Home furnishings products are one of the largest imports to the US. It is no surprise that when the United States imposed tariffs on exports from China, manufacturers got creative on ways to keep prices low for their customers. Many manufacturers responded by relocating their operations from China to Vietnam to avoid the war’s impacts on tariffs. In 2019, the US was the top market for Vietnam’s timber imports, importing more than $3.7 billion in wooden furniture. On October 2, 2020, the US Trade Representative (USTR) announced an investigation into Vietnam’s trade with the US, specifically around importing illegally sourced timber.
Section 301 of the Trade Act of 1974 grants the USTR the authority to impose foreign country trade sanctions that violate US trade agreements and burden US commerce. The purpose of the investigation is to address many issues that impact government, business, and society. Is Vietnam importing illegal timber? Are their import agreements following all laws, agreements, and commitments? Is any of the timber species protected or traded illegally? Are there any violations of US wildlife laws and regulations? How much of the US timber import from Vietnam is coming from illegal sources? The investigation will address what actions the United States will take while looking at how this impacts all stakeholders in the issue.
On December 28 and 29, 2020, a virtual hearing took place with 19 industry leaders testifying. Those who testified included market stakeholders such as Vietnam based manufacturers and suppliers, Tien Dat Furniture Corporation, Dai Thanh Furniture JSC, and Hiep Long Fine Furniture Company. Testimony also came from US market stakeholders, including furniture retailer Gardner-White Furniture, wholesaler Skyline Cabinetry, Inc., and manufacturer Caperton Furniture works. The public hearing also included testimonies from non-market stakeholders, including 13 business support groups and trade associations.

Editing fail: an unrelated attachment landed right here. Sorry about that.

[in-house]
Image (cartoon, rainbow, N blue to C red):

Among those who testified was Mark Schumacher, CEO of the Home Furnishings Association. In an exclusive interview with Mark, he said, “In the home furnishings industry, (retailers) are the last stop before the consumer. Anything that the trade association is fighting for is for the consumer as well. Our concern was that tariffs would be imposed on a large number of products before the investigation was even completed. Higher tariffs impact the community by increasing prices for the retailer to procure the materials and these higher prices extend to the consumers. We do not believe in illegally sourcing timber. But until violations have been confirmed and there is proof that illegally sourced timber is in US products, let us pause on all punitive actions of tariffs that will impact an already tedious economy.”
While the investigation is complete, the findings have not yet been released. One big question remains: what are the implications to communities, the economy, government, the consumer, the environment, businesses, and consumers if the USTR investigation proves that illegal timber has been harvested and impacts products imported to the US?